By Pete Schroeder
WASHINGTON (Reuters) — The White House on Monday proposed imposing a minimum tax on the nation’s richest people to challenge the «indefensibly low tax rates» the wealthy can engineer as Democrats take another swing at a so-called billionaire’s tax.
In his fiscal 2023 budget proposal, U.S. President Joe Biden proposed a minimum 20% income tax on all households worth over $100 million, which would include unrealized gains on investments that have not yet been sold.
The proposal is an effort to tackle what the White House described as a «glaring» problem: that the current tax code’s preferential tax rates for investments allow the nation’s wealthiest to have a lower tax rate than middle-class Americans.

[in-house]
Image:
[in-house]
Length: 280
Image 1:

The administration said the proposal would apply to the wealthiest 0.01% of U.S. households, with billionaires accounting for over half of the $360 billion it is projected to raise in revenue over the next decade.
The Biden budget is a wish list as final taxing and spending decisions ultimately fall to Congress where Democrats control the House and the Senate with just razor-thin margins, making it tough for the party to push through major pieces of legislation.
Changes to the tax code are likely to be hotly debated, and previous attempts to impose major tax reforms have faltered amid Democratic divisions.
The White House proposal is similar to one unveiled by Senator Ron Wyden, who heads the tax writing Finance Committee, in October as part of Democrats’ efforts to craft a sweeping social and climate-changing spending package.
That plan similarly would have imposed a minimum tax on unsold, tradeable assets like stocks, but never came to fruition as the broader package faltered amid Democratic disagreement.
(Reporting by Pete Schroeder; Editing by Tomasz Janowski)